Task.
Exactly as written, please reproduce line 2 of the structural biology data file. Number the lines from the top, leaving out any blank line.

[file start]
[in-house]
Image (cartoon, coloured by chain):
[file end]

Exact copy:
Image (cartoon, coloured by chain):